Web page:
- Is it possible that in the case of a global "haircut" troubled banks would continue to operate at a loss, would not be ready for a radical restructuring, and as a result very soon there would be a need for another confiscation?

- Of course, if banks continued to make the same mistakes ... But it is also possible that they would have learned their lesson. By the time they have already recognized the need to reduce operating costs and wages, the change of leadership, etc. By the way, and now we need to be fully confident that the new leadership will be able to manage the Bank of Cyprus more rationally.

Was it possible to save Laiki?

- Can you think of a time when it became clear that the rescue Laiki Bank will not succeed?

- I think it's very difficult to talk about any particular moment. Certainly fatal to the bank were changes at the turn of 2006-2007 years. This period was characterized by a strong expansion in Greece and too large amounts of credit. Then came the cancellation of the Greek national debt ...

Nevertheless, it seems to me that even in 2011 year and the first months of 2012-situation [in Laiki] could be normalized. In that case, if we turned to Europe, admitted that we have a problem, and asked for help with the recapitalization of banks - at that time it was about 3-5 billion euros. In 2012 year, in view of elections in Germany and the rapid growth of banks' losses, to do this it was very difficult.

- Why, then, Laiki Bank has not declared itself bankrupt following the example of banks in other countries? It would not be the most simple and the right decision - to close, sell assets and return the depositors all that is possible?

- This policy works with small banks. In the US, this happens very often. However, if Laiki did so, the Bank of Cyprus would also be doomed. In fact, for Cyprus, Laiki's bankruptcy would entail the need to withdraw from the eurozone. Because the government would have to compensate investors for losses, and there was no money for it. Hence, there would be a need for additional money issue, which, being a member of the eurozone, we are not entitled to conduct. Money would have to be printed in a different currency, which, by the way, would have depreciated very quickly. Such a decision was unacceptable for us. We should have prepared a strong program and sought help from Europe, as Spain and Ireland did. These countries have indicated their willingness to reduce salaries in the public sector, banks, dramatically reduce the cost of social programs. In exchange, they requested direct financial assistance for their banks at the stage when the situation was still under control and it was about 3-4 billion euros. But when you need 10 billion, confiscation of deposits was the only possible way out.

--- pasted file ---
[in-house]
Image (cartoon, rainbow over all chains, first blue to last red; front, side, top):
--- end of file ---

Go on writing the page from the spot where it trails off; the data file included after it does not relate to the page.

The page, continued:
Do Cyprus "three"?

- In your words there is some internal conflict. On the one hand, Cyprus needed a longer period of adjustment and financial assistance from other eurozone countries, and especially Germany, to cope with the situation. On the other, for a serious change in the country needs a political resolution, which in recent years in the country was not. If Europe has responded and gave respite and additional funding, the national debt would continue to grow, and received "easy money" reform again be postponed until better times.

- I think that many Cypriots agree with this point of view and recognize that the Memorandum with the "troika" was the best solution for Cyprus. Indeed, we have always talked about the need for change, but never went from words to deeds. But when someone is ready to lend you money, he expects you to use them correctly. And now average Cypriots believe that everything the government will not do, the "troika" will do for it. And it suits them. They are not happy only with the part of the "troika" program, which provides for the confiscation of their savings. They are not against the reduction of the number of civil servants, market liberalization, better management in banks, etc. All these measures, which the "troika" of creditors insist, in the opinion of the Cypriots, had to be taken a very long time. I, in turn, do not see why Cyprus should not be in the company of countries such as Germany, Finland, Austria, Sweden, the Netherlands. We have a high level of education of the population, a good judicial system, good state institutions. Cyprus would follow their example and not spend the money that it does not. I agree: if we were not forced, we would not have decided for a long time to change. And it is unreasonable to count, for example, on natural gas. We had to start reforms in any case. How to restore confidence in Cyprus?

- You have correctly noted the need to restore trust in Cyprus and its banking system. We know what the problems were at that bank, which had to be closed. However, there is a second bank - Vank of Cyprus, who suffers from a similar "disease." And if in the Hellenic Bank 38% non-performing loans, the BOC is much more. BoC but still no attempt to solve this problem.

- I think this is only partly true. It is clear that the management of the Bank of Cyprus should create a separate department that would deal with non-performing loans, attract foreign experts to its work. Builders [customers of WOS], in whose hands are concentrated large funds and large debts, it is necessary to take measures to attract investors from abroad. But at the same time, remember: if a foreign investor insists that a particular property is worth a billion, when in fact, its price is half that, no one will agree to invest in such a project. It is important to understand that the investor also wants to earn money.

- How long will it take to prepare the legal framework and restructure, to normalize the Bank of Cyprus?

- It is rather a question of mentality rather than legislation. I believe that we need to separate the political decisions of the business. Banking activity is largely determined by politicians. This is wrong. Should be allowed to technocrats to do their job, ask for help from other countries.

- What is the conclusion you can draw our conversation today?

- Cyprus must follow the terms of the agreement with our creditors. It is necessary to try to exceed the expectations of the "troika" in order to get the opportunity to go to new negotiations and ask for additional help for the bank from the emergency financial assistance fund. However, we will not be able to do this if we do not follow the right policy, following the example of Ireland. We really have much to learn from this country. Ireland had huge problems in the banking sector, but it gradually solves them and does not complain. She understands her mistakes and is ready to correct them. This philosophy needs to be preached in Cyprus: we made mistakes, but with the right approach, we can correct them.

A source:

Tags: Economy, crisis, EU, Interview, Banks